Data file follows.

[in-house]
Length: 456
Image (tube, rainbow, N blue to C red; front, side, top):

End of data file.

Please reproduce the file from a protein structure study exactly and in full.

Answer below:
[in-house]
Length: 456
Image (tube, rainbow, N blue to C red; front, side, top):